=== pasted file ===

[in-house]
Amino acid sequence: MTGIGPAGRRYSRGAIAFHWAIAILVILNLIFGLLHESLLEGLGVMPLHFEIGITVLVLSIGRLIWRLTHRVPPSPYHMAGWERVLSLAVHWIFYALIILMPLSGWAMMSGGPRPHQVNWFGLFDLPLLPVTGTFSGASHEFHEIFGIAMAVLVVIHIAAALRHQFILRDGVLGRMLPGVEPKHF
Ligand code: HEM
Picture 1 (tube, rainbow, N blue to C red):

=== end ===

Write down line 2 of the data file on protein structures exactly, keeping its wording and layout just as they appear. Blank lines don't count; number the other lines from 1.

Amino acid sequence: MTGIGPAGRRYSRGAIAFHWAIAILVILNLIFGLLHESLLEGLGVMPLHFEIGITVLVLSIGRLIWRLTHRVPPSPYHMAGWERVLSLAVHWIFYALIILMPLSGWAMMSGGPRPHQVNWFGLFDLPLLPVTGTFSGASHEFHEIFGIAMAVLVVIHIAAALRHQFILRDGVLGRMLPGVEPKHF